See Potyrailo et al. and News & Views by Lee.

  • No. 4 April 2020

    Memristors in 3D

    Eight layers of memristors can be monolithically integrated on a chip to create a three-dimensional circuit capable of implementing a convolutional neural network. The cover shows a false-colour scanning electron microscopy image of part of the memristor array.

    See Lin et al.

  • No. 3 March 2020

    Twin-jet microbots go wireless

    Wireless power can be used to control the motion of flexible microbots that are composed of two tube-shaped catalytic micro-engines supported on a flat polymeric structure and have integrated coils to allow wireless energy transfer via inductive coupling. The cover shows an optical image of two of these microbots swimming in an aqueous solution above the coil used to transfer energy, and trailed by oxygen microbubbles that are used by the catalytic engines to provide propulsion.

    See Article by Bandari et al. and News & Views by Xu et al.

  • No. 2 1 February 2020

    Flexible imagers on the go

    A thin and flexible image sensor, which combines polycrystalline silicon thin-film transistor readout circuits and organic photodiodes with high sensitivity in the near-infrared region, can be used to capture images of fingerprints and veins, and to map pulse waves. The cover shows a photograph of the wearable imager, which is set up to image a vein by attaching it directly to the skin.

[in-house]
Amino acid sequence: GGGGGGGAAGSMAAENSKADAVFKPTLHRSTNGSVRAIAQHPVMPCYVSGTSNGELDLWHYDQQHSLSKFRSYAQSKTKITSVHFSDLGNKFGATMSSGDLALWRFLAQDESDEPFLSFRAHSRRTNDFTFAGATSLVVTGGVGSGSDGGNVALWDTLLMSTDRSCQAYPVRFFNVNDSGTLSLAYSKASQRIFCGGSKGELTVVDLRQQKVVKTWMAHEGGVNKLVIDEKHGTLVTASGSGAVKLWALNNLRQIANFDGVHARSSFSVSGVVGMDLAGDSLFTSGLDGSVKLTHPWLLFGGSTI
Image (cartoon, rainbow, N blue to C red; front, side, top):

See Yokota et al.

  • No. 1 January 2020

    Air-gap gates feel the pressure

    Sensitive pressure sensors, created by integrating a microstructured air-gap gate with two-dimensional semiconductor transistors, can be used to perform static pressure mapping, real-time human pulse wave measurements, sound wave detection and remote pressure monitoring. The cover shows a photograph of a 5 × 5 sensor array being used to weigh a red bean, a soybean and a grain of rice.

    See Huang et al.